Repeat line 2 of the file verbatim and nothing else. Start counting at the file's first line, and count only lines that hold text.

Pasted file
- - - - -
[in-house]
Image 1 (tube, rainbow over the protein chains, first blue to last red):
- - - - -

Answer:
Image 1 (tube, rainbow over the protein chains, first blue to last red):